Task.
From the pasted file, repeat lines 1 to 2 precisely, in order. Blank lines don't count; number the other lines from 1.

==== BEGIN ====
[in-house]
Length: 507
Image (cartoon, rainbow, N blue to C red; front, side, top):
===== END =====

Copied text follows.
[in-house]
Length: 507